The hope of a nation

Martin Luther King Jr. was an activist, Baptist Minister who is timelessly seen as the most visible leader in the Civil Rights Movement. On August 28, 1963 at Washington, D.C. he spoke out this memorable speech to voice out his hope, fears and dreams through nonviolence.

Short Excerpt from the Speech:

“I have a dream that one day down in Alabama, with its vicious racists, with its governor having his lips dripping with the words of interposition and nullification – one day right there in Alabama little black boys and black girls will be able to join hands with little white boys and white girls as sisters and brothers. I have a dream today. I have a dream that one day every valley shall be exalted, and every hill and mountain shall be made low, the rough places will be made plain, and the crooked places will be made straight, and the glory of the Lord shall be revealed and all flesh shall see it together.”

Patrick Henry, “Give Me Liberty or Give Me Death!”

Patrick Henry
Source: Virginia Places

An unwavering commitment

Patrick Henry is a prominent American statesman, attorney, planter and orator who is best recognized for his “Give me liberty, or give me death!” speech on March 23, 1775. He was the leader of the opposition to the Stamp Act 1765 and regarded as one of the most distinguished advocates of the American Revolution and its independence.

Short Excerpt from the Speech:

“It is in vain, sir, to extenuate the matter. Gentlemen may cry, “Peace! Peace!” — but there is no peace. The war is actually begun! The next gale that sweeps from the north will bring to our ears the clash of resounding arms! Our brethren are already in the field! Why stand we here idle? What is it that gentlemen wish? What would they have? Is life so dear, or peace so sweet, as to be purchased at the price of chains and slavery? Forbid it, Almighty God! I know not what course others may take; but as for me, give me liberty, or give me death!”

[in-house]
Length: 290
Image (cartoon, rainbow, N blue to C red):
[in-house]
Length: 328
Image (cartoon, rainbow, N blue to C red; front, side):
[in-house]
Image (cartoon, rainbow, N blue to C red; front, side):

Frederick Douglas’ 1852, “What to the Slave is the Fourth of July?”

Frederick Douglas’
Source: Boston Magazine

A stirringly powerful question

Frederick Douglas was an African-American human rights leader and author, statesman and orator. He became an eminent abolitionist after escaping from slavery in Maryland, wherein his experiences as a slave were revealed in his autobiographies. Douglas holds a strong movement against slavery and against violations of human rights. He delivered his memorably striking two-thousand-five-hundred-word speech on July 5, 1852 at Rochester, New York to the Ladies Anti-Slavery Society.

Short Excerpt from the Speech:

“I am not included within the pale of this glorious anniversary! Your high independence only reveals the immeasurable distance between us. The blessings in which you this day rejoice are not enjoyed in common. The rich inheritance of justice, liberty, prosperity, and independence bequeathed by your fathers is shared by you, not by me. The sunlight that brought life and healing to you has brought stripes and death to me. This Fourth of July is yours, not mine. You may rejoice, I must mourn. To drag a man in fetters into the grand illuminated temple of liberty, and call upon him to join you in joyous anthems, were inhuman mockery and sacrilegious irony. Do you mean, citizens, to mock me, by asking me to speak.